Des Plaines, IL
    Posts
    9,557
    I have spoken to members of the field staff ... and gotten a few response to my interests and plans. Lately though ... things are not as open as they were. It is almost like a cloud has settled in, since 2009. In its own way ... rather sad.
    Don Schap - BFA, Digital Photography
    A Photographer Is Forever
    Look, I did not create the optical laws of the Universe ... I simply learned to deal with them.
    Remember: It is usually the GLASS, not the camera (except for moving to Full Frame), that gives you the most improvement in your photography.

    flickr & Sdi

  6. #6
    Join Date
    Dec 2006
    Location
    God's Country - Australia
    Posts
    10,424
    what on earth are you talking about Don ? lol
    D800e l V3 l AW1 l 16-35 l 35 l 50 l 85 l 105 l EM1 l 7.5 l 12-40 l 14 l 17 l 25 l 45 l 60 l 75
    flickr

  7. #7
    Join Date
    Nov 2008
    Location
    Monmouthshire, UK
    Posts
    2,152
    Don's on his soapbox again.

    As I understand it Sony are switching the forum to be part of an established photo-sharing community and backdoor users were offered, when it was announced, the opportunity to participate in the formation of the new format. Whether the change will be for the better or worse remains to be seen but it's a bit late too complain if you chose not to be involved.

    As to your other two points ...
    Quote Originally Posted by DonSchap View Post
    1. High ISO noise improvement in the digital sensor, where even ISO-5000 would be a seamless and noiseless transition, allowing low light exposure in less than optimal conditions. It would easily allow common-use f/4-lenses to deliver f/1.8-aperture results. I mean, any idiot can see the need for that. Such a tremendous improvement to every lens in your bag! It would have saved everyone the need to buy any of the expensive Zeiss lenses and still get terrific lighting results with the simple third-party stuff. So, what gives?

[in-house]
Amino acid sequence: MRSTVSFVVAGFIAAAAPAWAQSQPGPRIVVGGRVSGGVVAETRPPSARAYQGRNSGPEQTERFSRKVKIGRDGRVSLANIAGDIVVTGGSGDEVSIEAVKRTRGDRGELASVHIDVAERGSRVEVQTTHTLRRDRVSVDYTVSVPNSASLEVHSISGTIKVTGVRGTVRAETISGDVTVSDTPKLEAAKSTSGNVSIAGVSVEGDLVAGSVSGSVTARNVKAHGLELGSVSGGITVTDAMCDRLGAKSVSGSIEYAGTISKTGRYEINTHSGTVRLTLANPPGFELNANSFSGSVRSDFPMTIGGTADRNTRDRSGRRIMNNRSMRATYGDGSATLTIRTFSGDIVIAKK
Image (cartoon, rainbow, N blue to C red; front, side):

2. Allowing the camera to calculate and display DOF (Depth of Field) information to the user, for better image results, when they change off ANY ADI-enabled lens. Again, they ignored it. Simple idea, very doable, and it still sits unaddressed in any of the DSLR cameras.
    The second definitely has merit and would be a welcome addition and I can't see that it would be all that difficult either given the in-camera processing power. There has been some talk that the A7xx mock-up was missing a DOF preview button, maybe that's the reason.

    Your first "high ISO" point is something else and a bit pie-in-the-sky in my view. It's one thing to use high iso as a means of boosting shutter speed in good lighting conditions, it's another thing when there is very little light; no amount of processing will turn your f4 lens into a f1.8 biggie, no matter which way you look at it. Simply put, the f4 lens will always feed 2 and a bit times fewer photons to the sensor than will the f1.8 lens, resulting in a much lower s/n ratio, requiring that much more amlplification and that much more noise reduction. What was it Sarah Palin said, "you can put lipstick on a pig but it's still a pig underneath". That was putting her foot in it big time but none-the-less true.

  8. #8
    Join Date
    Feb 2006
    Location
    Des Plaines, IL
    Posts
    9,557

    Angry I sense ... no change

    I know what is going on with lensing and light transfer, Peter. My push to get better a S/N ratio out of the sensor was more to stimulate some thinking than a practical suggestion. I mean, ISO-5000, even with good lighting, still needs some serious cleaning up.

    Those of us who understand the "digital drawback" of electronic capture will read that and say, "Yeah, right." and laugh. Those who do not may look into it and learn about it, to see what is possible, right now ... and make their subsequent buying decisions based on what they have learned through additional research.

    Believe me, as you have already guessed, I was poking fun for the most part. This is a complaint posting, protesting the needless shut down of a forum for idea exchange, at the manufacturer's feet. It is clear to me (skeptic that I am) and seemingly veiled to others, that SONY really is no longer interested in discussing things -> RIGHT NOW. Please realize that SONY and no one else shut down this server for reasons they are NOT making us privy to and you can excuse this action anyway you want, it stinks to me of pure, unadulterated arrogance. There has been only a lost method of communication and nothing, at this point, to replace it. A "closed door", you might say. No, strike that ... a "slammed door", right in their user's faces.